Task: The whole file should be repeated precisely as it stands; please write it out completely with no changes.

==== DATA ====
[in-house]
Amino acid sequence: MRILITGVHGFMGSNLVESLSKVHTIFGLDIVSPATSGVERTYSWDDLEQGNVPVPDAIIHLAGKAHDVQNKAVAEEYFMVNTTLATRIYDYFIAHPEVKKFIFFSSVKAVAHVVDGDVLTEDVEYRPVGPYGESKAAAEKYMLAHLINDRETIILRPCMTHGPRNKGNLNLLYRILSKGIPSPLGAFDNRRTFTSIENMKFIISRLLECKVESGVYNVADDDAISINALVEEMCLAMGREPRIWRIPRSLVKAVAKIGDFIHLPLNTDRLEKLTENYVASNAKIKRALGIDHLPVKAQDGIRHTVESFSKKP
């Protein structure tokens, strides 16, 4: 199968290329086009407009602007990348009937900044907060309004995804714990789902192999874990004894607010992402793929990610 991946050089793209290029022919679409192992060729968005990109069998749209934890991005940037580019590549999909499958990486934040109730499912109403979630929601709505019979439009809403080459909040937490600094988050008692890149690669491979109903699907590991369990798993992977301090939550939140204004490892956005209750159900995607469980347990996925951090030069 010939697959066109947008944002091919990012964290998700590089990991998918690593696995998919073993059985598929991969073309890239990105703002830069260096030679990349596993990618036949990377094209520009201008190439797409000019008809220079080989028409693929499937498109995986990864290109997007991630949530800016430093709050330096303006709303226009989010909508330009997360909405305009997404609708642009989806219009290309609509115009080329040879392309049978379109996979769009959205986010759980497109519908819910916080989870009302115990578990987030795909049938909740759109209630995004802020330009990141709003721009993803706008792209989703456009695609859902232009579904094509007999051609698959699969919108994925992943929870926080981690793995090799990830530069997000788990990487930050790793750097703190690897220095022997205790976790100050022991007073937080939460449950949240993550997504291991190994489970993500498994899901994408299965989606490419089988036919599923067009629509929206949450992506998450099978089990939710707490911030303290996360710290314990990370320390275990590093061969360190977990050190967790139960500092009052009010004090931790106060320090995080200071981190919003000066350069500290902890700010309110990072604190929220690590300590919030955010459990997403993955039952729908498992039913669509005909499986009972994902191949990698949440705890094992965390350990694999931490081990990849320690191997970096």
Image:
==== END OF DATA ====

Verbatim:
[in-house]
Amino acid sequence: MRILITGVHGFMGSNLVESLSKVHTIFGLDIVSPATSGVERTYSWDDLEQGNVPVPDAIIHLAGKAHDVQNKAVAEEYFMVNTTLATRIYDYFIAHPEVKKFIFFSSVKAVAHVVDGDVLTEDVEYRPVGPYGESKAAAEKYMLAHLINDRETIILRPCMTHGPRNKGNLNLLYRILSKGIPSPLGAFDNRRTFTSIENMKFIISRLLECKVESGVYNVADDDAISINALVEEMCLAMGREPRIWRIPRSLVKAVAKIGDFIHLPLNTDRLEKLTENYVASNAKIKRALGIDHLPVKAQDGIRHTVESFSKKP
């Protein structure tokens, strides 16, 4: 199968290329086009407009602007990348009937900044907060309004995804714990789902192999874990004894607010992402793929990610 991946050089793209290029022919679409192992060729968005990109069998749209934890991005940037580019590549999909499958990486934040109730499912109403979630929601709505019979439009809403080459909040937490600094988050008692890149690669491979109903699907590991369990798993992977301090939550939140204004490892956005209750159900995607469980347990996925951090030069 010939697959066109947008944002091919990012964290998700590089990991998918690593696995998919073993059985598929991969073309890239990105703002830069260096030679990349596993990618036949990377094209520009201008190439797409000019008809220079080989028409693929499937498109995986990864290109997007991630949530800016430093709050330096303006709303226009989010909508330009997360909405305009997404609708642009989806219009290309609509115009080329040879392309049978379109996979769009959205986010759980497109519908819910916080989870009302115990578990987030795909049938909740759109209630995004802020330009990141709003721009993803706008792209989703456009695609859902232009579904094509007999051609698959699969919108994925992943929870926080981690793995090799990830530069997000788990990487930050790793750097703190690897220095022997205790976790100050022991007073937080939460449950949240993550997504291991190994489970993500498994899901994408299965989606490419089988036919599923067009629509929206949450992506998450099978089990939710707490911030303290996360710290314990990370320390275990590093061969360190977990050190967790139960500092009052009010004090931790106060320090995080200071981190919003000066350069500290902890700010309110990072604190929220690590300590919030955010459990997403993955039952729908498992039913669509005909499986009972994902191949990698949440705890094992965390350990694999931490081990990849320690191997970096």
Image: